Sofia, Bulgaria: The Bulgarian Ministry of Labour and Social Economy announced that from January 1, 2023, the minimum working salary will become 933 BGN, the Government has decided. Its size will increase by 19.6%, or by 153 BGN, compared to its current value.
Yesterday, the Bulgarian Cabinet approved the new minimum wage parameters. From the beginning of the year 2024, it will be 933 BGN (477 Euros) calculated according to the new formula, based on the annual average salary. The Current minimum wage in Bulgaria is 780 BGN.
The Ministry of Labour and Social Policy highlighted that it is determined according to the provisions of the Labor Code, according to which the minimum wage for the country for the next calendar year is set at 50 per cent of the average gross salary for the last two quarters of the previous year and the first two quarters of this year.
The proposed new minimum wage measure will contribute to reducing worker poverty and inequalities in income distribution.
Rising minimum labour remuneration will increase the purchasing power and consumption of the lowest-income groups in the labour market and boost the workforce’s motivation to engage in employment.
From January 1, 2024, the minimum hourly salary will be 5.58 BGN. While addressing at the beginning of the regular meeting of the Council of Ministers yesterday, Prime Minister Nikolai Denkov remarked that the Government of Bulgaria is about to make one of the most critical decisions to prepare for the budget for 2024. Later, he announced the increment of 153 leva.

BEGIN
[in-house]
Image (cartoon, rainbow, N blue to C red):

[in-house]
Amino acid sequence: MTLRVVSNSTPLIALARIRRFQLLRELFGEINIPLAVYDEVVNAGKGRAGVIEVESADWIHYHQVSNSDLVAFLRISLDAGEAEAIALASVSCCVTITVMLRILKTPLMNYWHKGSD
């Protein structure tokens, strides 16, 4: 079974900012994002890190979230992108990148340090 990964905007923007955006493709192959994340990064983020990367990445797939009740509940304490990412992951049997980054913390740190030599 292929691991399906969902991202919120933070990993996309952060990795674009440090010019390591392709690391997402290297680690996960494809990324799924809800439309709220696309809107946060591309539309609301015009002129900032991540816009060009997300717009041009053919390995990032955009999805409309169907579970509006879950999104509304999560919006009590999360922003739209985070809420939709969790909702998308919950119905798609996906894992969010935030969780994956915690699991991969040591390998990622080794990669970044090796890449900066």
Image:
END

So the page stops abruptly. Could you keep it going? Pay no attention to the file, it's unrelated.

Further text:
Compared to 780 leva in 2023, the workers will receive 153 more from January 2024. PM Denkov emphasized that with this decision, the Government is trying to fulfil the commitment to reducing inequality in Bulgaria, which is too high compared to other EU countries.
The Prime Minister explained that Bulgaria resumes to remain the country with the lowest salary, so he decided to get out of the situation and attract investors with high added value, high quality and a trained workforce who can provide enough wages to Bulgarian workers so they can fulfil the needs of themselves and their family.